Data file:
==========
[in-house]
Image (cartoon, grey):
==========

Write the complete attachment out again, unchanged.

[in-house]
Image (cartoon, grey):